HR Transform 2022 focused on flexibility, data, and empathetic leadership

A dispatch from the conference floor in Las Vegas’s Cosmopolitan Hotel
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HR Transform

· 5 min read

Wait, what year is this? With Omicron finally on the wane in the US, I flew to Las Vegas in mid-March for an epic bender HR Transform 2022, a three-day conference for HR leaders and entrepreneurs with a focus on the modern workplace. Aside from requiring proof of vaccination, the conference (almost) felt like 2019, with a majority of maskless faces, no social distancing, and attendees chatting over drinks—indoors!

This year’s conference, at the Cosmopolitan hotel, centered on four tracks: workplace transformation, social impact, human first, and digital future. Executives from Microsoft, TripAdvisor, Zoom, Nextdoor, and others held discussions for three days about ways HR professionals can shape the workplace and the employee experience.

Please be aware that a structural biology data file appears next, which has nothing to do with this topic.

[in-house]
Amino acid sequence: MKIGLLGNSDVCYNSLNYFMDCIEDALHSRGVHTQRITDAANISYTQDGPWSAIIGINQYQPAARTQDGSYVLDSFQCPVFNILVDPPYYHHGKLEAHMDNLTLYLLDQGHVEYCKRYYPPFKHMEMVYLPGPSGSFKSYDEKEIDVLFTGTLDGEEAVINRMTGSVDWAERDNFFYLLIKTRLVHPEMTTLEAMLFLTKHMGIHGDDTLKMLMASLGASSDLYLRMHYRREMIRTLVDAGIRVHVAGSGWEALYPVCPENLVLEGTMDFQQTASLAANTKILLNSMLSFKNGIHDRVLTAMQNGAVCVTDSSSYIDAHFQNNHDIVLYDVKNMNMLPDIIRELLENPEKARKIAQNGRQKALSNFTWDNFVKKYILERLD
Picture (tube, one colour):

two men and a woman all in business attire sitting in large red chairs, engaged in conversation

Catchphrase of the conference. It didn’t matter the conversation or the panel topic, before leaving the stage, nearly every speaker dropped the F bomb: flexibility. According to HR Transform’s panelists (and at least one recent survey), employees want to control their employee journey, and it’s up to HR leaders to provide that flexibility, whether it’s the option to work remotely, a career path with upskilling opportunities, or a better menu of employee perks.